Pacific Health Services gets $76 million boost

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Pacific Health Services in New Zealand received a $76 million boost in this year’s budget.

Photo: Unsplash / Hush Naidoo Jade

Finance Minister Grant Robertson said the cash injection would be used to support Pacific healthcare providers, improve infrastructure, fund a targeted diabetes prevention and management program and prepare for reform of the system.

Operating funds of up to $47 million were also announced for education and employment initiatives in the Pacific.

The funds would be used to support science, technology, engineering, arts and math opportunities in the Pacific, Robertson said.

An initial amount of $49 million has been set aside for the construction of 300 homes for Pacific Islanders in eastern Porirua over the next decade.

The government’s pledge to deliver a historic account of the Dawn Raids – a crackdown on mainly Pacific migrants to New Zealand in the 1970s – is getting $13.7 million in funding.

Pacific Peoples Minister Aupito William Sio said the priorities for this year’s budget are in line with his strategy for well-being in the Pacific.

“This strategy aims to improve the well-being and aspirations of the Pacific in the areas of health, housing, education, business, employment, income, leadership, Pacific arts, sports, music and STEAM careers,” he said.

Dawn Raids account, house building project included in the Pacific package

Included in the New Zealand Pacific Community Budget:

– A package to build up to 300 homes over the next 10 years for Pacific families in Eastern Porirua, with initial funding of $49 million over the forecast period.

– $13.7 million to implement the government’s commitment to provide a historical account of the Dawn Raids.

-$49.9 million for the Pacific Provider Development Fund, to help Pacific providers adapt their models of care to the new health system.

-$20 million to implement a diabetes prevention and treatment program for targeted Pacific communities in South Auckland.

-Increase of $8 million to continue the delivery of Tupu Aotearoa, which enables the delivery of customized employment and training services in the Pacific.

– $15.5 million investment in Pacific Economic Development, which aims to meet community demand for services to support ‘start-up’ Pacific businesses and social enterprises across New Zealand.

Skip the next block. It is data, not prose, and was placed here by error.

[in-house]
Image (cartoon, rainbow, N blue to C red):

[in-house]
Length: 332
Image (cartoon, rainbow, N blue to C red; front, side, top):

-$1.6 million to maintain the Pacific Work Connect program which supports the continuation of a support service for Pacific migrants.

– $18.3 million increase to Toloa’s science, technology, education, arts and math program. This initiative provides opportunities through the journeys of Pacific peoples through education and employment.

-$2 million to maintain and expand the Tulī Takes Flight and Pacific Education Foundation Scholarships, Pacific Scholarships to address inequities in the education system.

-$13 million to support the growth of the Pacific bilingual and immersion school workforce and the retention of the current workforce.

-Up to $5 million in redesigned funding over four years to further fund Professional Learning and Development (PLD) focused on Tapasā: Cultural Competencies for Teachers of Pacific Learners.

Chief Ben Lovo and his family from Bongkil village in Erromango, Vanuatu.  He says RNZI's shortwave broadcasts during Cyclone Pam enabled him to warn four villages.

Chief Ben Lovo and his family from Bongkil village in Erromango, Vanuatu. RNZ Pacific’s shortwave broadcasts during Cyclone Pam in 2015 enabled it to warn four villages and save hundreds of lives.
Photo: RNZI/Koroi Hawkins

New transmitter for RNZ Pacific

The government also announced $4.4 million for RNZ Pacific to purchase a new transmitter to broadcast news across the Pacific.

Described as “critical infrastructure”, the transmitter is part of plans for a new public media entity which is due to start operating next year.

Broadcasting Minister Kris Faafoi said funding from the media entity would allow New Zealanders to continue to access quality local content and trusted news.

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